The experiment consisted of three stages. Resident fish were AFM in the first stage (designated AR), males in the second (designated MR) and females in the third (designated FR). In each stage the resident fish confronted males, females and AFM all acting as intruders. Each combination was carried out in quadruplicate form and randomly assigned. A resident was defined as the fish that occupied each aquarium in the first instance. Before each stage, residents remained in the aquaria for a period of seven to ten days for acclimatization. During this period, fish were fed with commercial diet at 25% protein two times a day. Each intruder was previously weighed using a digital scale (± 0.01) (Scout Pro, Ohaus) to ensure that its size were as similar as possible (± 20 g) to the size of the resident. Additionally, considering that the ability to fight may involve the length or weight of the contender, we decided to use an index that considers both simultaneously, so standard and total length were obtained using an ictiometer, in order to calculate the fish condition factor (Froese, 2006).

Confrontations were recorded at different times of day (except at night) for a full minute using a digital camera (Sony Handycam DCR-DVD 610). Each recording session consisted of the recording made at a specific time of all combinations presented in the aquaria. Each stage lasted for a period of 24-h, consisting of a variable number of sessions (5 in AR, 6 on MR and 7 in FR). The first session of recording in each stage lasted for 2 min with the objective to measure the latency, that is, the elapsed time (in seconds) from the moment the intruder was placed into the aquaria until the first observed interaction between resident and intruder. After completing each stage, the fish were returned to 3 m diameter quarantine tanks for recovery before being transferred along with the rest of the population. Recordings were cataloged and sorted to obtain the following behavioral patterns: number of interactions in a minute of observation (in the first session, data were taken during the second minute), number of interactions for each fish (resident/intruder), and intensity level of aggression (I to V scale, based to the operational definitions of Evans et al. (2008), level I: body facing the opponent and erect dorsal fin; level II: fast and directed movement towards the opponent without physical contact; level III: short and lateral movements making contact with the mouth on the side of the opponent; level IV: chasing the opponent; level V: contact with both fish mouths, pushing the opponent). Finally, the number of times that an individual recoiled after the attack (called submission) was included. These observations were performed for each opponent (focal observations).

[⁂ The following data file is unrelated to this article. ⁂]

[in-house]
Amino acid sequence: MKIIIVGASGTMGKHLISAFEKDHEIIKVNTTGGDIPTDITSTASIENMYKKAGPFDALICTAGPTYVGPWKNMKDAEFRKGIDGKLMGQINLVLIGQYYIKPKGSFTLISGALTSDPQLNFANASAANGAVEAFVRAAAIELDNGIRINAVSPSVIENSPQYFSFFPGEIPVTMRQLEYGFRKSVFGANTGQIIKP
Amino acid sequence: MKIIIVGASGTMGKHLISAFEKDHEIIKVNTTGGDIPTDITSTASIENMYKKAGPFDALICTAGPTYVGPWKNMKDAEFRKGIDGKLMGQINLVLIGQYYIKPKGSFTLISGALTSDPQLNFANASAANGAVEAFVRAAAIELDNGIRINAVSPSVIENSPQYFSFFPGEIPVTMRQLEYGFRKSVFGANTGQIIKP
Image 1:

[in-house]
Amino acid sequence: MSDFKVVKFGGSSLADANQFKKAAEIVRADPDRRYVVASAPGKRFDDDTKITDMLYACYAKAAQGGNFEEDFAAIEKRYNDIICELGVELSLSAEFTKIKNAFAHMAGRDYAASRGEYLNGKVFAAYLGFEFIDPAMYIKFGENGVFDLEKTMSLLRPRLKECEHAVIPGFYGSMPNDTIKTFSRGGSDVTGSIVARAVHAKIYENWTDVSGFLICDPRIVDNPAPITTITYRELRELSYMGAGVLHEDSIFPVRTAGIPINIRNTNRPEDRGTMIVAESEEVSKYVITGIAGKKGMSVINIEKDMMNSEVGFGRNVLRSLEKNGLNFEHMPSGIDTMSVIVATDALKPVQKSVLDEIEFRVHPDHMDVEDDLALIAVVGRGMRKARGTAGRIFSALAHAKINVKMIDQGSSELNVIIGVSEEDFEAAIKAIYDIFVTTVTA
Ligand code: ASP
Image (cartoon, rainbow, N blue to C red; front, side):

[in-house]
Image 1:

Aggressive behavior was calculated by subtracting the number of submissions from the number of aggressions recorded for each fish. This value can be positive (high aggressiveness), negative (high submission) or zero (aggressiveness-submission in equal terms). Median, quartiles and extreme values were calculated. Since in most fights, the majority of confrontations occurred in the first observation session (in the rest, the number of confrontations represent only 13%), data were pooled for each category of contenders and compared as independent groups (different aquaria) using a Wilcoxon or Kruskal Walllis test. We calculated the proportion of each intensity level of aggression with respect to the total number of confrontations and then compared in terms of the residence roles and sex categories. A chi-square test of independence was applied in a contingency table to measure the relative frequencies between level of aggression and type of confrontation. The proportion values obtained were arcsine transformed and then analyzed using an ANOVA test for each type of confrontation, using as classification variable the levels of intensity of aggression (Zar, 1984). Condition factor was calculated using basic Fulton’s equation (K = 100x W/L3; see Froese, 2006), and length (L) and weight (W) data. Comparisons between contenders were applied using t Welch test. All tests were performed at 0.05 significant level.